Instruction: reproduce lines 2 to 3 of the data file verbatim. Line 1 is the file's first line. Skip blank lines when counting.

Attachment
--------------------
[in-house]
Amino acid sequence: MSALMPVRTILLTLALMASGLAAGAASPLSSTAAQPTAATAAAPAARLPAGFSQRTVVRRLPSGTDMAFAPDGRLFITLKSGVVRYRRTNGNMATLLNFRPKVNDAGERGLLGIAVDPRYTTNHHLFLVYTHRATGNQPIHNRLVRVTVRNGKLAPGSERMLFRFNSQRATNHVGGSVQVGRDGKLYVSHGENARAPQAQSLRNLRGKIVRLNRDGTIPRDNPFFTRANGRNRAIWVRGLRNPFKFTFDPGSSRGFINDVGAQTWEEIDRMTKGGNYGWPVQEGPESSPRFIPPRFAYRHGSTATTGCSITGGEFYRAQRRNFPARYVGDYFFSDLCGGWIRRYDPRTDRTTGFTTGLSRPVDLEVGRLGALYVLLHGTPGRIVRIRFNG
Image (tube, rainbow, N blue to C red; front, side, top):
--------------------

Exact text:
Amino acid sequence: MSALMPVRTILLTLALMASGLAAGAASPLSSTAAQPTAATAAAPAARLPAGFSQRTVVRRLPSGTDMAFAPDGRLFITLKSGVVRYRRTNGNMATLLNFRPKVNDAGERGLLGIAVDPRYTTNHHLFLVYTHRATGNQPIHNRLVRVTVRNGKLAPGSERMLFRFNSQRATNHVGGSVQVGRDGKLYVSHGENARAPQAQSLRNLRGKIVRLNRDGTIPRDNPFFTRANGRNRAIWVRGLRNPFKFTFDPGSSRGFINDVGAQTWEEIDRMTKGGNYGWPVQEGPESSPRFIPPRFAYRHGSTATTGCSITGGEFYRAQRRNFPARYVGDYFFSDLCGGWIRRYDPRTDRTTGFTTGLSRPVDLEVGRLGALYVLLHGTPGRIVRIRFNG
Image (tube, rainbow, N blue to C red; front, side, top):